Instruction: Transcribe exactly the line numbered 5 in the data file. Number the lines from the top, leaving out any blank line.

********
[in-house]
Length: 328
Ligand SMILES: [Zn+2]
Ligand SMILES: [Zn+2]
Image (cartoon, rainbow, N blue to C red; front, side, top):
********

Image (cartoon, rainbow, N blue to C red; front, side, top):